Nearly 2,000 prospective car buyers took test drives after online contests and social media created awareness of new model
For the debut of its new model, the Stepway 2012, Renault Mexico wanted to target consumers in Mexico City between the ages of 25 and 40 who had graduated from college, were working their first job and interested in buying their first car.
Because these younger consumers are avid users of the internet, Renault wanted to use digital media as the center of the campaign. The objective was twofold: to engender awareness of the Stepway, and to generate leads and entice consumers to visit a dealership for a test drive.
Getting leads is difficult in Mexico because consumers are very security-conscious and wary of giving up information—even to a business’ registration site. Renault had to devise a way to build trust with consumers so that they would divulge enough personal information so that they could be invited for a test drive, and the dealership would have multiple ways to follow up with them.
Renault used a rich media banner campaign to pique consumers’ curiosity about the contest. A short TV ad and some print ads for brand awareness backed up the banner campaign.
The interactive banner, which featured the rendering of a turntable that a hip-hop DJ would use to scratch a record during a party, was placed on the heaviest-traveled car-related sites in Mexico: YouTube’s homepage, Yahoo! Autos, MSN’s homepage and auto section, and Terra Autos. If users provided their email address, they could scratch the record on their own, and were later emailed an invitation to the Renault contest website.
The contest, which was posted on a Facebook page for the brand, had four activities that revolved around the car: a Stepway trivia quiz, a parking challenge, a create-your-own-postcard of where you could travel with the Stepway, and a compose-a-jingle race. The person who finished first, with the highest combined score, won a Stepway. The second-place finisher received a Macbook Pro, and the third prize was an iPad. Scores were based on the number of “likes” a person accrued. If players used the dealer contact form to request a test drive, they received extra points.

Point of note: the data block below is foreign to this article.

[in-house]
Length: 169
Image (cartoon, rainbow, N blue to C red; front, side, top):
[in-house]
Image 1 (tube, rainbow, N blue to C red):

To register for the contest, people had to provide more personal information—their name, age, postal code, email and telephone number. This information went directly to the dealership that was most accessible to the consumer. Then the dealer contacted the consumer to offer more information and a test drive.
Renault’s digital marketing manager in Mexico, Wendy Delgado, told eMarketer that the No. 1 way consumers find out about a new car model in Mexico is to visit a dealership. “The internet is the most important medium [for car shopping] behind visiting a dealership.”
“The campaign was very important for us,” Delgado said. “It taught us that we can measure everything, and that social media is very important.” Renault was so impressed with the results that Delgado’s digital budget increased 60% for 2012. Delgado said that the automaker knew people were interested in digital—now it knows exactly how interested.
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